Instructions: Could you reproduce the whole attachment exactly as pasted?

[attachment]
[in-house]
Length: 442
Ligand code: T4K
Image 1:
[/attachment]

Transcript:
[in-house]
Length: 442
Ligand code: T4K
Image 1: